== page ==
The stories that use insight and decision are usually those where the main obstacle is the character’s internal problem. For example, in stories where love and friendship is on the line and the obstacle is the main character’s values, it may be that the hero has to make a decision to place love above something else.
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Just as I need to know my hero’s goal, motives, and plan, I also need to know the same things about my antagonist. In fact, in some stories the antagonist’s plans are what drive the story.
Taking the readers to the point where it seems their worst fears will be realized and then turning it around only makes the victory sweeter. Giving the reader great hope, just before everything falls apart, makes the loss feel so much more terrible.
What you need to do is keep throwing troubles, conflicts, surprises, and obstacles at the reader. You also need to let the hero have some successes. This allows the reader to have cause to fear AND hope, and to not know for sure how it’s all going to turn out.
If the main character is sympathetic and interesting, the reader will root for her and want to see what happens. If some of the particularities of the character and problem are surprising to the readers, it will generate more interest than if it’s something they’ve seen many times before.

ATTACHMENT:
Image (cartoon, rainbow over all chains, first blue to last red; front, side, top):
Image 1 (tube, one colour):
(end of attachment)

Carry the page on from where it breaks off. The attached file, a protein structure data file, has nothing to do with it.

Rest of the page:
Have you thought about starting with a bang right away? Or does your story want another hook before you roll the main one out on the stage?
Building stories is like building houses. Yes, you need a foundation, walls, and a roof, but holy cow–look at all the variations that are possible AND successful given those basic requirements!
Along every step of the way, readers need to be surprised, not about everything, but about enough of the particularities of the problem, character, actions, reactions, and resolution that it prevents the reader from knowing what WILL happen.
Our job as writers is to create a narrative that evokes this desired experience in the reader. Yes, we have to be passionate about our story. Yes, it’s an art and is complex and sometimes feels a bit mystical. But we can’t let that make us forget the fact that the ultimate purpose of the story is to guide the reader through an experience.
Even in the reaction stage we can include conflict and surprise. Maybe after our team’s setback, they regroup and discuss what they’re going to do now. This is a fine time to allow the varying motives of those on the hero’s team conflict.